Towering above the village of Cheddar are the jagged 500ft cliffs of the magnificent Cheddar Gorge, and whilst tea and trinket shops abound around the caves themselves, the original village ¼ mile away provides a calmer and intriguing overnight stop.
Cheddar is a long, linear, straggling settlement which jostles for space with the River Yeo which emerges from Gough’s Cave to flow through the centre of the village. It was in this cave that Cheddar Man was discovered in 1903 – the 9000-year-old remains of a man from the Mesolithic.
Now housed in the Natural History Museum in London, this is Britain’s oldest complete human skeleton. Both Gough’s Cave (discovered by Richard Gough in 1890) and Cox’s Cave (discovered by Gough’s uncle George Cox in 1837) farther down the road are open to the public and are well worth visiting.
Those that stay here will get the best of both worlds, whether you want to explore the caves or climb the 274 steps of Jacob’s Ladder to the top of the gorge (with fantastic views from a lookout tower), then you can do this at the end of the day or early in the morning before the throng of visitors arrive.
If you have the time then you can discover the history of Cheddar by following the Historic Cheddar Walk - a 2 mile route around the village which takes in the hidden historical features of the town which many of the day trippers just don’t get time to see.
The walk visits the Kings Arms - Cheddar’s oldest surviving inn, Cheddar’s medieval market cross and the beautiful 14th century St Andrew’s church. Inside here look for the brass of a knight on the tomb of Sir Thomas de Chedder, a wealthy Bristol merchant, and below him on the floor, the brass of his widow, Lady Isabel de Chedder, dressed in wimple and widow’s weeds.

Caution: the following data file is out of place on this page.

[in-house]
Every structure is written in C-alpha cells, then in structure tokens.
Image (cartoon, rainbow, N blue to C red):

You will be spoilt for choice when deciding where to sample local fare with plenty of cafes and restaurants to choose from and in the Gorge area it feels like every other premises is an eatery of some sort.
Ice cream lovers will want to head to Ice Dreams ice cream parlour towards the bottom of the town, which offers over 80 different flavours to choose from and over 70 different flavours of milk shakes, all locally produced on Somerset farms.
Be careful with the local cider though – the specialist cider shop in the village is not called Leg Bender for nothing!
Cheddar, of course, is also synonymous with Cheddar cheese which has been crafted here in Cheddar for some 850 years. From the Pipe Roll, a sort of Medieval treasury record, for 1170 we know that King Henry II bought 4.6 tonnes of Cheddar cheese at a cost of a farthing per pound weight. It is said he declared Cheddar cheese to be the best in Britain. Although Cheddar cheese is now made all over the world, you can still see it being produced here today - where it all began.
Rest Days at Cheddar
For information on what to do on a rest day in Cheddar, please see our Activities Away From The Trails Page and select the "Somerset" filter.